How can corporate governance frameworks adapt to the impact of COVID-19 and other new realities?

As the fourth review of the OECD/G20 Principles of Corporate Governance gets underway, OECD’s Daniel Blume and Serdar Çelik take a look at what is in store for corporate governance frameworks, drawing on the findings in The Future of Corporate Governance in Capital Markets Following the COVID-19 Crisis, and the 2021 edition of the OECD Corporate Governance Factbook.

First issued 22 years ago and updated twice since then, the G20/OECD Principles of Corporate Governance are widely recognised as the leading global standard for guiding policy makers and regulators in devising effective institutional, legal and regulatory frameworks for the corporate governance of listed companies. Endorsed by all OECD and G20 member countries and the Financial Stability Board, 50 jurisdictions worldwide now adhere to this instrument. Because national corporate governance frameworks are constantly changing to respond to new realities, so too are the G20/OECD Principles. This is why the OECD, led by its Corporate Governance Committee and in close collaboration with the G20, is now embarking on a fourth review of the Principles.

Recent OECD research on implementation of the G20/OECD Principles that encompasses emerging developments, including the early impact of the COVID-19 pandemic, and longer-term trends, provides insights into some of the adaptations that will be required.

The report also highlights why national corporate governance frameworks need to make further adaptations to ensure that capital markets continue to serve their intended purpose of allocating substantial financial resources to support long-term investments underpinning economic growth and innovation.

The COVID-19 pandemic has exacerbated existing structural weaknesses in the corporate sector and capital markets. Without a robust policy response, the number of undercapitalised and underperforming firms will likely rise and remain high, while an increasing amount of productive resources will be tied up in non-viable companies, dragging down investment and economic growth. This means substantial financial resources will be needed for investment, and strengthening corporate governance policies and frameworks will help both existing and new companies access the capital they need.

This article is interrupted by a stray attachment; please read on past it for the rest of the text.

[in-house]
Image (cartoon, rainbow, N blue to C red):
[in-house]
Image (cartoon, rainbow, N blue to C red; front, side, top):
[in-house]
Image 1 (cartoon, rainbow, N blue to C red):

While stock markets have provided record amounts of capital money to established companies, they have failed to support new companies. Since 2005, more than 30,000 companies have delisted from stock markets globally, equivalent to 75% of all listed companies today. These delistings have not been matched by new listings, leading to a sharp net loss of publicly listed companies. Many thousand fewer companies now use public equity markets, and a large portion of the money raised in 2020 went to fewer and larger companies.

Bond markets continued to be a significant source of capital for non-financial companies following the outbreak of the crisis. In 2020, non‑financial companies issued a historical record of USD 2.9 trillion of corporate bond debt. The volume of outstanding corporate bond debt reached an all-time high in real terms of almost USD 15 trillion at the end of 2020.

The declining quality of the outstanding stock is another concern. Between 2018 and 2020, the portion of BBB rated bonds—the lowest investment grade rating—accounted for 52% of all investment grade issuance. Between 2000 and 2007, that share was just 39%. Globally, debt has also accumulated, mainly in firms with lower debt servicing capacity.

Strong corporate governance frameworks will be essential for capital markets to function effectively in supporting a resilient recovery and longer-term growth. With the COVID-19 crisis preventing many companies from meeting some legal and regulatory requirements, governments around the world have taken steps to adjust these requirements. Although some of these measures are considered temporary, they may also have a lasting impact on how companies are governed, their capital structure, their ownership structure and how they manage their relationship with their shareholders and stakeholders. This gives new impetus to the discussions on a number of long-term developments that may call for corporate governance policies and regulations to be adapted to the post-COVID era.